Let's not! McCormick’s "Let's Go, Brandon" Super Bowl appearance | Screen | Pittsburgh | Pittsburgh City Paper

Let's not! McCormick’s "Let's Go, Brandon" Super Bowl appearance

A series where we review Pa. political ads as if they were movies


Let’s play a game. Let’s say the game is fantasy football — actually, no, let’s get even more precise. It’s not just fantasy football, it’s the fantasy Super Bowl. Millions of viewers at home are all waiting in anticipation, but not just for the big game. They’re also poised for everything else that comes with it: not just the halftime show, but for all the incredibly expensive advertisements that act as interludes. Your role in the game? Well, let’s say you’ve been granted a mere 30 seconds of ad time during this insanely well-viewed event. What’s your strategy? What are you showing the massive audience that’s right at your fingertips?

OK, the opening conceit has gone far enough because I already have an answer for you. Well, OK, I have Dave McCormick’s answer for you. During the Super Bowl, McCormick, a Republican candidate for Senate in Pennsylvania, decided to show us (the people unfortunate enough to be in the Pittsburgh market) a real masterpiece of political filmmaking: concise, clear-eyed, and, like all politics, supremely banal.

Armed with all the subtle techniques available to anyone who has a Macbook with iMovie preloaded on it, McCormick essentially shows us a PowerPoint he’s made — the only concessions to what we modern-day sophisticates think of as being “the movies” are a soundtrack comprised of an audience chanting “LET’S GO, BRANDON” and a handful of transition effects. (If you, dear reader, do not know what “Let’s go, Brandon” refers to, I won’t explain it and will instead ask that you initiate me in your lifestyle.)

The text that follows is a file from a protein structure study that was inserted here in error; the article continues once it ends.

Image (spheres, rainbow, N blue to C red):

The images fade into each other; the text fades out and comes in with a traditional “text blur” transition, appearing over top the images out of order and going from blurry to clear. The connection between the text and the images is not particularly innovative or interesting. Over a stock photo of a car at the pump, we see a quote from The Economist telling us that “Inflation is at a record high.” A photo of a rubbery looking Mark Zuckerberg serves as the backdrop to The Times telling us that “Big Tech is silencing conservative voices.” A blurry image of police lights instructs us that homicides are higher than they’ve ever been before, etc., etc.

Then, the audio breaks into sudden cheers and the film awkwardly cuts to a big WordArt font telling us, “THIS IS SO MUCH BIGGER THAN BRANDON.” The text slowly zooms towards us, looming larger and larger. (And also literally reminding me of how it plays when you use the default option for adding text to a video in iMovie, but I digress.) And finally, the conclusion! McCormick appears for the first time in his little short, a photo of him posed in front of an American flag attired in a puffer vest and holding a microphone. His voice reads, “I’m Dave McCormick, and I approve this message,” and his campaign slogan comes on the screen: “Fight for America to Save America.”

Well, alright. Now I’m not against a barebones approach — the brilliant French Left Bank filmmaker Chris Marker made a short film that is almost entirely composed of still photographs. (I’m going straight to hell for dragging him into this. Sorry, Mr. Marker.) And I also normally am not the kind of person who will deride something by saying, “I/my kid/my pet chimpanzee could have painted that!” But when you spend $70,000 to show something to an entire city and its surrounding areas, I expect a higher production quality than what I achieved when making a video about World War I’s naval arms race for my 11th grade history class. I want artifice! I want a little of that movie magic!

If you’re going to attempt to be provocative, people chanting “Let’s Go Brandon” is simply not enough to do it. Say what you will about Hollywood liberals: at least they know how to blow something up.

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